There are also, for people who don’t have a place to park or work on theirs, communal MakerSpaces, which have all kinds of hand and power tools as well as router mills, 3D printers, and all sorts of other fun making-stuff toys for use. You pay for either your membership or the time you spend using their tools or both, but it doesn’t cost a whole lot, and they know a lot about building THs (they’re often the ones running the classes). So you don’t have to have a place to do the work; if you need to, you can use theirs.

          These are the advantages of being, or having once been, a trend — there are not only expensive professional building companies popping up all over the place, and silly reality TV shows, but there are people getting together in groups to work together and learn together and find ways to do things they want to do together. Even for not very much money. Even in the city.

          If the area where you live doesn’t have such a thing, I bet you could start one.

          The one thing you said, Sparrow, which makes none of this viable for you is the single phrase “…and no interest in acquiring [the skills to build your own TH].” Of course, if you choose not to learn how, then you won’t be able to do it, but that isn’t an obstacle in your environment. It’s simply a decision on your part about what your priorities are. There’s nothing wrong with deciding that you don’t want to build your own house; that’s what all those professional builders are FOR, and there will doubtless always remain some even though many of them may fall by the wayside as the trend fades away, because there will always be some people who don’t want to or can’t physically do the labor to build their own house. That’s fine… that’s what they *should* be there for.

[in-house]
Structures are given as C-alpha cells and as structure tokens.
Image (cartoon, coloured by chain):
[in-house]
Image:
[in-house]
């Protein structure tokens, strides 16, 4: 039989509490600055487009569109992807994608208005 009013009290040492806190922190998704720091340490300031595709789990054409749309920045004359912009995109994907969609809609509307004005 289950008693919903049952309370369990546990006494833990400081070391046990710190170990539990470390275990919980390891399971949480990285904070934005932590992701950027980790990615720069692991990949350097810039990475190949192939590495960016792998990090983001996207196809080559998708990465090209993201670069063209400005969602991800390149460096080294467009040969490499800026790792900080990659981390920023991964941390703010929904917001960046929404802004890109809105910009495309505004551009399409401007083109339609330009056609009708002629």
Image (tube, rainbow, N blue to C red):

But to complain that you have no way to obtain the house you want, when you’re just as capable as the rest of us of learning how to make one and organizing a group to help you do it (in exchange for your help with theirs), seems kind of silly. I don’t want to do the work either, so if I can afford to use a builder at the time my kids go off to college in six or eight years, I will pay someone else to build it for me, and not balk at the price of good craftsmanship; the craftsmen deserve their pay for doing what I don’t want to learn how to do.